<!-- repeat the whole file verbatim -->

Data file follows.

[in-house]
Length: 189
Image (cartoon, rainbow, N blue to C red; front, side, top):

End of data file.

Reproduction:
[in-house]
Length: 189
Image (cartoon, rainbow, N blue to C red; front, side, top):